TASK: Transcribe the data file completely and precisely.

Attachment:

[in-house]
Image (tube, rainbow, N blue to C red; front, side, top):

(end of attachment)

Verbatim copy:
[in-house]
Image (tube, rainbow, N blue to C red; front, side, top):